Need to loosen up? Try this 5-minute stretch routine
As a yoga instructor for over a decade, I preach the importance of stretching. Stretching not only helps your muscles warm up and recover from workouts, reducing your risk of injury, but also for posture, blood flow and mobility purposes. I encourage my private clients to focus on yoga-based stretching because this incorporates breathing and mindfulness with the stretches, so you get a bigger bang for your buck!
In this quick routine, we are focusing on the larger muscle groups since the smaller muscles and tendons usually take a bit longer to get fully stretched. Plus, they’re also used more in day to day life (think about how often you use your thighs, glutes and hamstrings to simply walk!).
The 5-minute stretch routine outlined below is one that I personally follow and one that I encourage my private clients to perform regularly. If you’re exercising, you can hold these stretches for 20-30 seconds each at the end of your workout. (If you stretch before your workout, make sure you are moving while stretching with dynamic movements — versus static stretches like these.) If you aren’t working out and are just looking for a great stretch routine to help loosen up or relieve pain or stiffness, then you can do this routine anywhere, anytime.
Modified Low Lunge
This stretch opens up your hip flexors to help alleviate tension and tightness in the low back and front of the hips. Step your right foot forward and your left foot back with your feet as wide as your hips. Lower down onto your left knee, and make sure that your right knee is over your right ankle. Place your hands on either side of the right foot, and breathe in through the nose then out through the mouth slowly. Hold this for five slow, mindful breaths, and then switch legs.
You can perform this stretch from the low lunge position or standing. From the low lunge, when your left knee is on the ground and your right foot is forward, twist to the right and reach for the left toes with your right hand. If you can reach, pull the left toes towards your left glute to feel a stretch in your left quad. If this is impossible, that’s okay! Move into the standing quad stretch instead. While standing, simply bend your left knee and reach your left hand back towards your left foot. Pull your left foot towards your glute, and keep your left knee reaching towards the midline of the body. Feel a stretch in your left quad. Hold for five slow, deep breaths. Repeat on the other side.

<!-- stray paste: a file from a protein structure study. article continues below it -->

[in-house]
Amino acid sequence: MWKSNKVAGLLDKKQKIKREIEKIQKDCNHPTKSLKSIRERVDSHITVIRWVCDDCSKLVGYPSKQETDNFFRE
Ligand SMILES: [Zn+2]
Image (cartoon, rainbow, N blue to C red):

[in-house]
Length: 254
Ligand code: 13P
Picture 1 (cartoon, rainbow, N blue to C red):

The muscles in the backs of the legs become shortened due to sitting and a sedentary lifestyle. To stretch the hamstrings, all you have to do is stand up and bend forward at the waist. Reach the arms down towards the ground and let them hang like floppy wet noodles. Bend one knee and then bend the other knee while breathing in and out through the nose. Hold this for five deep breaths. Feel free to shake your head yes and no, sway your arms to the right and left, or stay still. To come up to standing, slowly roll up the spine up one vertebrae at a time, pulling the naval in towards the spine to support your low back.
The muscles of the butt can get tight from sitting too much, too. That’s why stretching them out daily is important to keep the lower body limber and loose. To stretch these muscles, you can stand (or sit). Cross your right ankle over your left thigh and sink down slowly until you feel a stretch in the right glute. Hold for five slow, deep breaths and make sure to flex your right foot to protect the right knee. Repeat this on the left side.
Standing Side Stretch
Stretching the side waist not only allows for more room for the internal organs, but also just feels really good. Especially if you sit in a desk chair all day with less-than-stellar posture. While standing, reach the arms up towards the ceiling. Keep the feet firmly planted on the ground and parallel with one another. Clasp the hands at the top and lean over towards the left to stretch the right side of your body. Relax the shoulders. Pull the naval in towards the spine to support the low back. Hold this for five slow, deep breaths, then come up through center and repeat on the other side.